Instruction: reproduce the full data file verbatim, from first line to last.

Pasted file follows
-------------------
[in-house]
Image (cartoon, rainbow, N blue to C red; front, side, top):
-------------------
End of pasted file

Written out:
[in-house]
Image (cartoon, rainbow, N blue to C red; front, side, top):